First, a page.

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Tips for Telling Your Parents About Your Interfaith Relationship

Originally published June 4, 2007. Republished June 11, 2013

Your relationship with your partner has become increasingly serious. You now find yourself talking in terms of "we" and envisioning a long future together. But you have not yet communicated the depth of your interfaith relationship to your parents. How you approach this discussion with your parents is an important juncture--for you, your partner and your parents. Initiating the conversation with your parents and responding to their reactions calls for calm, clear communication. Here are some tips to make the conversation smoother.

 

  • Have the conversation in person, without your partner, if at all possible. Although sitting in the same room as your parents, without your partner, may provoke some anxiety, it is the best way to talk about your interfaith relationship. Having a face-to-face discussion allows for eye contact, observation, attention to nuances and the greater possibility for empathy, all of which are important ingredients in good communication. And what could be more significant than talking about the love in your life and the deepening relationship between you?
  • Be direct and tell your parents how important this person is in your life. Let your parents know you would like them to get to know your partner better and that you believe over time they will see the same wonderful qualities you do. Ask them to be open to getting to know your partner's many good qualities. Perhaps your partner is smart, funny, kind, thoughtful--or all of these. Religion is only one aspect of a whole person. Share specific examples with your parents of some of the ways your partner has been good to you and for you.
  • Know where you and your partner stand on interfaith issues. Even if you do not have all the answers, reassure your parents that as a couple you are ready to face the challenges interfaith issues will play in your future life together. Tell them you are giving careful consideration to the subject and know that some aspects are part of an evolving process. Let them know what you have decided so far, and assure them that you will keep them informed as your plans and decisions crystallize. It is easier for parents if they feel they will be kept "in the loop."
  • Anticipate their reactions and listen to their concerns respectfully. You have known your parents all your life, so let that be your guide. Imagine yourself in their place--what might they be thinking and feeling while you are talking? Be prepared to acknowledge their feelings and validate their concerns while continuing to be diplomatic and considerate. If you want them to respect your decision, then you must be prepared to respect their feelings. Thoughtful listening and understanding of their viewpoint does not mean you have to agree with it or follow it. Expressing empathy allows you to leave the door open for continued dialogue.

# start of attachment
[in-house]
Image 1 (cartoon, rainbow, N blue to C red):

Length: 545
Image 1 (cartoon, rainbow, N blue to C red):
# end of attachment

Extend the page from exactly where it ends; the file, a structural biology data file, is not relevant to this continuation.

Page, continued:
• Reassure them that you want to continue to be part of the family. Your parents may fear that you will not stay connected to them because you are serious with a person of another faith tradition. Ease their doubts by telling them that being part of an interfaith relationship does not mean you will disconnect yourself from your own family. You will still be part of the family's celebrations and traditions. Let them know that your partner would like to get to know them better also. As a couple you would like to forge a new relationship with your parents and continue being part of their life.
  • Acceptance takes time. Acknowledge that this may not be what your parents had dreamed of and that you understand it may take a while for them to adjust to your interfaith relationship. Let them know you are willing to give them the time they need. Patience and consideration can keep the doors of a relationship open.
  • Use this as an opportunity to grow. If you handle this conversation with clarity, calm and understanding, you will demonstrate to your parents that you are a thoughtful and caring adult, albeit always "their child." New ways of relating to parents can bring about wonderful changes for both the adult child and their parents. Wouldn't it be wonderful to begin the next phase of your life with a new and improved relationship with your family?
  • If this talk does not go as you had hoped--leave the door open. Disappointment in your parents' reactions may be painful for you, but by remaining open to revisiting the conversation both you and your parents have much to gain. Try to remember that your parents' concerns and attitudes actually have their roots in their love for you. Most parents eventually come to understand the importance of their child's interfaith relationship and come to terms with it. Show your love for them by continuing contact despite your frustration and gently persist in keeping communication open.

 

Carol S. Targum

Carol S. Targum is a retired social worker with a deep interest in interfaith issues. Carol has served as co-chair of Interfaith Initiatives at Temple Israel, Boston, a large urban congregation with a diverse population, as a program facilitator for Reform Jewish Outreach Boston, on the Combined Jewish Philanthropies "Interfaith Task Force," and on the boards of InterfaithFamily and Mayyim Hayyim: Living Waters Community Mikveh and Education Center, for spirituality and learning has written a pilot program titled "Inside Interfaith Marriage."

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